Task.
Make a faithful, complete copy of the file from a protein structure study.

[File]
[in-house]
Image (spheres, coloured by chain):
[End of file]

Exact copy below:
[in-house]
Image (spheres, coloured by chain):